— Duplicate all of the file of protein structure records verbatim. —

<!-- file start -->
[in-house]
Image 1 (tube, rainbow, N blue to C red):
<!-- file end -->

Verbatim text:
[in-house]
Image 1 (tube, rainbow, N blue to C red):